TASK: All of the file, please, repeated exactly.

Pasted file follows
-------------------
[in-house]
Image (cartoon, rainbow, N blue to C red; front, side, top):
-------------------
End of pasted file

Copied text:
[in-house]
Image (cartoon, rainbow, N blue to C red; front, side, top):